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    Excessive maternal weight gain key to LGA infants



    Expectant mothers with excessive gestational weight gain have a higher risk of delivering a large-for-gestational age (LGA) infant than those whose weight gain falls within standard guidelines, according to a recent study in Obstetrics & Gynecology.

    Researchers from the Division of Reproductive Health, National Center for Chronic Disease Prevention and Health Promotion, Centers for Disease Control and Prevention analyzed linked birth certificates and maternal hospital discharge data on live, singleton deliveries in Florida from 2004 to 2008. Multivariable logistic regression was used to assess the independent contributions of the mother’s prepregnancy body mass index (BMI), gestational weight gain, and gestational diabetes mellitus (GDM) status on the risk of a LGA infant by race and ethnicity, while controlling for maternal age, nativity, and parity.

    Prevalence of LGA infants was 5.7% in normal-weight women with adequate gestational weight gain and no GDM. Prevalence among women with BMI ≥25 was 12.6% and 13.5% among women who had excess gestational weight gain. Among women with GDM, the prevalence of LGA infants was 17.3%. Across all race or ethnic groups, GDM contributed the least to LGA (2.0% to 8.0%) whereas excessive weight gain contributed the most (33.3% to 37.7%). The authors estimated that Asian and Pacific Islanders and non-Hispanic black women might have 46.8% and 61.0% fewer LGA births, respectively, if they had none of the three exposures.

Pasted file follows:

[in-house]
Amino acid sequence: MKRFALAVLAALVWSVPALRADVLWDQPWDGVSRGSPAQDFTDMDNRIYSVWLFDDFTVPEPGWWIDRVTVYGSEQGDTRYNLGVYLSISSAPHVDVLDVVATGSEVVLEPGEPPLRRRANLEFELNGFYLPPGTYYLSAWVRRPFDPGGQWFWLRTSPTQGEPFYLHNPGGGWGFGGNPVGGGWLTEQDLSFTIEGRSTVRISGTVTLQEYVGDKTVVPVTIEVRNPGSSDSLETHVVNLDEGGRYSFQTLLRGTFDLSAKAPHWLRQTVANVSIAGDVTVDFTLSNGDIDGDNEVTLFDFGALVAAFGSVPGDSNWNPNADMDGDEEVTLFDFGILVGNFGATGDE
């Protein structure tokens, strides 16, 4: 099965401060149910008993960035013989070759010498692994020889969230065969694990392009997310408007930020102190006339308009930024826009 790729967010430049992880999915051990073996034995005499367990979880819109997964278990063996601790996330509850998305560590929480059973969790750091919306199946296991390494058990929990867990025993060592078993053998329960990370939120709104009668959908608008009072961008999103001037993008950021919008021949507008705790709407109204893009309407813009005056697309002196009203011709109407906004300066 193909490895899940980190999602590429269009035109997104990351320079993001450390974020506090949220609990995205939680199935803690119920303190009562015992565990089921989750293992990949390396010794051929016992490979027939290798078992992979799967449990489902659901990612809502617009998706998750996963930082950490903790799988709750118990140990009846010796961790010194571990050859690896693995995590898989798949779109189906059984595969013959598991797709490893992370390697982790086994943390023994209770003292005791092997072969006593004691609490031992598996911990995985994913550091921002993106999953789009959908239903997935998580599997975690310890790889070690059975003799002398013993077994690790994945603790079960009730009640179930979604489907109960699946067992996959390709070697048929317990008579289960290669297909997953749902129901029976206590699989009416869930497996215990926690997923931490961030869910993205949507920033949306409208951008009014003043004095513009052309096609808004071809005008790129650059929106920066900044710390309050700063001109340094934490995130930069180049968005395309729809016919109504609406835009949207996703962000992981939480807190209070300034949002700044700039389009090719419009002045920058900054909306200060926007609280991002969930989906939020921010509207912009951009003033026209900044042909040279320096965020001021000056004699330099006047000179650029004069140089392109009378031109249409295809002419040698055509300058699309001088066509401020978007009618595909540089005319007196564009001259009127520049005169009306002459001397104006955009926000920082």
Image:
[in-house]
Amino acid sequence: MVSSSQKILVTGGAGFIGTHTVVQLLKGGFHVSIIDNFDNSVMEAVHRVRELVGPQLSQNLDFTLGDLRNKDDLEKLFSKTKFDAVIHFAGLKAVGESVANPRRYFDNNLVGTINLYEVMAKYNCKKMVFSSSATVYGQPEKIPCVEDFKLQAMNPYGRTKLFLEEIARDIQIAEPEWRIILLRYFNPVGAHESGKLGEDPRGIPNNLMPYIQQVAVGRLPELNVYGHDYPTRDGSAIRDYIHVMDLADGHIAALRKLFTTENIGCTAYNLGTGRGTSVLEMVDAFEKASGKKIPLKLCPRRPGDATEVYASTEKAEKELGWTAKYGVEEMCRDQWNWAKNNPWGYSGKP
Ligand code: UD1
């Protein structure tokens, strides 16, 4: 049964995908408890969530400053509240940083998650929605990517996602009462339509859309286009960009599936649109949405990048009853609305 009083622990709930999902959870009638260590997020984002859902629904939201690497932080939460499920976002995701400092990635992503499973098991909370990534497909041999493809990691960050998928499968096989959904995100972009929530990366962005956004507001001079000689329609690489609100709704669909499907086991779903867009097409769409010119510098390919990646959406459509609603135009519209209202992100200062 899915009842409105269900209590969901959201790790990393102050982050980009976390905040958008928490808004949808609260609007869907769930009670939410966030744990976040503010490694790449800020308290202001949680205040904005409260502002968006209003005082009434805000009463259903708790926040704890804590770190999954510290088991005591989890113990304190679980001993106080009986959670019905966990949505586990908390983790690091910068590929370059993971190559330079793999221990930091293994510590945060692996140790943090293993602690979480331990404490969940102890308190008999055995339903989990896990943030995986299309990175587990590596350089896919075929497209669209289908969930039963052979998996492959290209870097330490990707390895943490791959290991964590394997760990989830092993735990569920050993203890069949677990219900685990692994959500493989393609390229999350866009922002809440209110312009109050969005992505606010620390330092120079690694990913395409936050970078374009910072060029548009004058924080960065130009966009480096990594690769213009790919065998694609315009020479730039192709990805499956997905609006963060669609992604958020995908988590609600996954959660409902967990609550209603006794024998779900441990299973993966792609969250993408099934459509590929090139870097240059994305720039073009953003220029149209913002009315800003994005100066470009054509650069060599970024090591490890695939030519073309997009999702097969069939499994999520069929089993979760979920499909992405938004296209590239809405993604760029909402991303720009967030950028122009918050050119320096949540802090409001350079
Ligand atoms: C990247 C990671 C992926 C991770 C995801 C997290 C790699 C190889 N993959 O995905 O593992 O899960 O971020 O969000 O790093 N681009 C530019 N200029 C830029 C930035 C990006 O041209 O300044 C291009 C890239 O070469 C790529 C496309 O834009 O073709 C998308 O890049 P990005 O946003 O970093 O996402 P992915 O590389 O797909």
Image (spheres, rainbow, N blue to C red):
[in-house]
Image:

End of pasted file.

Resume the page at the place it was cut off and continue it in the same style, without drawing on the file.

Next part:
Concluding that excessive maternal weight gain is the greatest risk factor for LGA infants, the investigators urged ob/gyns to provide pregnant patients with guidelines for gestational weight gain and counsel those whose weight  during pregnancy is too high.



    To get weekly advice for today's Ob/Gyn, subscribe to the Contemporary Ob/Gyn Special Delivery.

    Miranda Hester
    Ms. Hester is Content Specialist with Contemporary OB/GYN and Contemporary Pediatrics.


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